An important consideration when planning your estate is the selection of a competent executor and perhaps a trustee to ensure your wishes are carried out. Generally, you have two choices: 1) use the services of a financial institution trust department or 2) name a family member or friend.
Institutions offer the benefit of technical know-how and continuity over time. However, since they must adhere to established corporate policies, they may charge high fees, use conservative investment policies, and be less responsive to the needs of your beneficiaries.
Selecting a family member or trusted friend may reduce or eliminate fees and add a personal touch to the process. However, choose wisely because the duties and responsibilities involved are significant. Your executor needs to be adept at filing tax returns, making complex tax elections, and implementing investment strategies.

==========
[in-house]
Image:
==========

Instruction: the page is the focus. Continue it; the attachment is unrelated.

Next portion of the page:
Just because a family member is the oldest surviving sibling or willing to serve doesn't mean he or she is the most appropriate choice. Consider also choosing a successor executor or trustee. Then, if the individual chosen cannot or will not serve, you have an alternative plan.